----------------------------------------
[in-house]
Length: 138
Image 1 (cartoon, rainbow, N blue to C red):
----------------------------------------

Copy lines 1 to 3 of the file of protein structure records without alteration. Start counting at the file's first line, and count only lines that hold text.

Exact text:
[in-house]
Length: 138
Image 1 (cartoon, rainbow, N blue to C red):